After ranking 121st and 118th nationally in total offense in his first two seasons at South Florida, the Bulls rose to 35th and then 11th in 2015 and 2016, when he moved to an uptempo spread attack, which he coined his "Gulf Coast" offense. During those two years, the Bulls went 18-7 and averaged 476.6 yards and 38.7 points per game.
Taggart completely changed his offense, building his high-octane attack around quarterback Quinton Flowers, who would churn out 7,629 total yards and 76 touchdowns.
Taggart's on-field introduction to the Oregon faithful was a 77-point explosion against Southern Utah, then the Ducks hitting at least 42 points in three of their next four games. However, the loss of star quarterback Justin Herbert to a collarbone injury in Oregon's 45-24 win over Cal put a major dent in Taggart's plans.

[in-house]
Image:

Leaning on freshman Braxton Burmeister, the Ducks went 1-4, averaging just 8.5 points in those losses. However, the Gulf Coast offense was back in full force when Herbert returned in the Ducks' 48-28 win over Arizona. He also led Oregon to a 69-10 win over Oregon State in the regular-season finale.
"I had to put on a show," Taggart said after the Oregon State game.
That's where you can't ignore the upside that Florida State is getting. Taggart, a quarterback himself at Western Kentucky, has been able to win with quarterbacks that he has closely worked with. In Taggart's last year at Western Kentucky, Kawaun Jakes threw for 2,488 yards with 22 touchdowns to 11 interceptions. Flowers has become one of the Group of 5's best players over the past couple of seasons, while Herbert, who was a budding star in 2016, threw for 1,750 yards with 13 touchdowns to three interceptions in seven games this season. He passed for at least 235 yards in the six games he played from start to finish.